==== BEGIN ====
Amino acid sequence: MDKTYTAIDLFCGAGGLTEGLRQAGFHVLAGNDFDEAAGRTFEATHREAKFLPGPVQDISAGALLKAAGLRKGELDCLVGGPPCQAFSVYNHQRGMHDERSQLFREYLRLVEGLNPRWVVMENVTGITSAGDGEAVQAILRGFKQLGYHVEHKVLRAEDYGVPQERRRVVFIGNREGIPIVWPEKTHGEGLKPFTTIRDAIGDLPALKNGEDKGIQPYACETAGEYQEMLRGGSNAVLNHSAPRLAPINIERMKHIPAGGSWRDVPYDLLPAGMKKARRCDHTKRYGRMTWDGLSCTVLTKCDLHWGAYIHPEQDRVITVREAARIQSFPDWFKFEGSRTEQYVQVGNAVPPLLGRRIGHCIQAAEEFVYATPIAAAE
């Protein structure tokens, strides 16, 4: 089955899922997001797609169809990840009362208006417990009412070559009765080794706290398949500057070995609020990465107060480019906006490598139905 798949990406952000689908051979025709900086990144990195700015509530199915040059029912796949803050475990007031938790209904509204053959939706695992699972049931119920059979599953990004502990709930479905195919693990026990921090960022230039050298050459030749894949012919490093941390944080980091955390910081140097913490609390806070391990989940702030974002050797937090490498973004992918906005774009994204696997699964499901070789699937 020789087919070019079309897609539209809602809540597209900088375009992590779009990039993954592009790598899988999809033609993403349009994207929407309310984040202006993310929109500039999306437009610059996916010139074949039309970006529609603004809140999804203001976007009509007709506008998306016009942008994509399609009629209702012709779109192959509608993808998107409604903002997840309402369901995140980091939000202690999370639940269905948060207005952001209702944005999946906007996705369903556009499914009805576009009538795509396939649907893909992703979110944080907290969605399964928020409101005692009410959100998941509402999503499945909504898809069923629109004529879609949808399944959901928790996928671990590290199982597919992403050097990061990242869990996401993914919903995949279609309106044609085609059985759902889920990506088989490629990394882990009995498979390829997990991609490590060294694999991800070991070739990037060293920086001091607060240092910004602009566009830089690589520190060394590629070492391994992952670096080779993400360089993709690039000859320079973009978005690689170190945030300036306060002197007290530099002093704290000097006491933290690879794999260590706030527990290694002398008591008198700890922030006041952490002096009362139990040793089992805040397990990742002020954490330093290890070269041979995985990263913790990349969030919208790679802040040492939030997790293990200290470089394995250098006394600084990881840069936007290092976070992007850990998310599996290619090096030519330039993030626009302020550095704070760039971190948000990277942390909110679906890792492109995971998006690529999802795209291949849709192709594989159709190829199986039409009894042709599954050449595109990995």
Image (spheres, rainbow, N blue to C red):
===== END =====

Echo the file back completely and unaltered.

Amino acid sequence: MDKTYTAIDLFCGAGGLTEGLRQAGFHVLAGNDFDEAAGRTFEATHREAKFLPGPVQDISAGALLKAAGLRKGELDCLVGGPPCQAFSVYNHQRGMHDERSQLFREYLRLVEGLNPRWVVMENVTGITSAGDGEAVQAILRGFKQLGYHVEHKVLRAEDYGVPQERRRVVFIGNREGIPIVWPEKTHGEGLKPFTTIRDAIGDLPALKNGEDKGIQPYACETAGEYQEMLRGGSNAVLNHSAPRLAPINIERMKHIPAGGSWRDVPYDLLPAGMKKARRCDHTKRYGRMTWDGLSCTVLTKCDLHWGAYIHPEQDRVITVREAARIQSFPDWFKFEGSRTEQYVQVGNAVPPLLGRRIGHCIQAAEEFVYATPIAAAE
């Protein structure tokens, strides 16, 4: 089955899922997001797609169809990840009362208006417990009412070559009765080794706290398949500057070995609020990465107060480019906006490598139905 798949990406952000689908051979025709900086990144990195700015509530199915040059029912796949803050475990007031938790209904509204053959939706695992699972049931119920059979599953990004502990709930479905195919693990026990921090960022230039050298050459030749894949012919490093941390944080980091955390910081140097913490609390806070391990989940702030974002050797937090490498973004992918906005774009994204696997699964499901070789699937 020789087919070019079309897609539209809602809540597209900088375009992590779009990039993954592009790598899988999809033609993403349009994207929407309310984040202006993310929109500039999306437009610059996916010139074949039309970006529609603004809140999804203001976007009509007709506008998306016009942008994509399609009629209702012709779109192959509608993808998107409604903002997840309402369901995140980091939000202690999370639940269905948060207005952001209702944005999946906007996705369903556009499914009805576009009538795509396939649907893909992703979110944080907290969605399964928020409101005692009410959100998941509402999503499945909504898809069923629109004529879609949808399944959901928790996928671990590290199982597919992403050097990061990242869990996401993914919903995949279609309106044609085609059985759902889920990506088989490629990394882990009995498979390829997990991609490590060294694999991800070991070739990037060293920086001091607060240092910004602009566009830089690589520190060394590629070492391994992952670096080779993400360089993709690039000859320079973009978005690689170190945030300036306060002197007290530099002093704290000097006491933290690879794999260590706030527990290694002398008591008198700890922030006041952490002096009362139990040793089992805040397990990742002020954490330093290890070269041979995985990263913790990349969030919208790679802040040492939030997790293990200290470089394995250098006394600084990881840069936007290092976070992007850990998310599996290619090096030519330039993030626009302020550095704070760039971190948000990277942390909110679906890792492109995971998006690529999802795209291949849709192709594989159709190829199986039409009894042709599954050449595109990995």
Image (spheres, rainbow, N blue to C red):